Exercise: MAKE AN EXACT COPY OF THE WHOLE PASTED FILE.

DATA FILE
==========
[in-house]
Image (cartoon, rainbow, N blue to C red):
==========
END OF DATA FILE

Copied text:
[in-house]
Image (cartoon, rainbow, N blue to C red):